Docent Art Talk: "James Tissot: The 19th Century Painter of Society, Fashion, and Politics" by Jim Kohn
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James Tissot, "Painters and Their Wives," ca. 1883–1885. Oil on canvas, 57 1/2 x 40 in. (146.1 x 101.6 cm). Chrysler Museum of Art, Norfolk, Virginia, Gift of Walter P. Chrysler, Jr., and The Grandy Fund, Landmark Communications Fund, and “An Affair to Remember” 1982, 81.153. Courtesy of the Chrysler Museum of Art, Norfolk, Virginia.
John A. and Cynthia Fry Gunn Theater
French artist James Tissot defied both personal and professional conventions in a career that spanned the English Channel, earning commercial and critical success both in London and Paris. Though invited by Degas to exhibit with the Impressionists, Tissot declined. He turned to social events and balls, painting high society life with great attention to detail, humor, and pathos. Even his most ebullient society pictures reveal a rich and complex commentary on Belle Époque culture, religion, fashion, and politics. The exhibition James Tissot: Fashion & Faith includes key works from his time in London and Paris, such as The Ball on Shipboard (1874). Finally, toward the end of his career, he adopted a strong religious faith, which encouraged him to create a series of biblical paintings and etchings that have been widely published since the early 20th century.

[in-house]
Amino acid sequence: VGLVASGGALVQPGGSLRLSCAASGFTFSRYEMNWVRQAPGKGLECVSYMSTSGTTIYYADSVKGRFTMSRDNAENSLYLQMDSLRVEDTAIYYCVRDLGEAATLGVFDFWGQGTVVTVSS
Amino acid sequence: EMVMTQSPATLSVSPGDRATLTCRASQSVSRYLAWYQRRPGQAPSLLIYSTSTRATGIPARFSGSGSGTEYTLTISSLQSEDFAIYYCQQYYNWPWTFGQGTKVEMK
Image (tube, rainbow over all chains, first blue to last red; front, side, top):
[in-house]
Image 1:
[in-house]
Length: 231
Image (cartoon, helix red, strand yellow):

Free after general admission. No reservations required.
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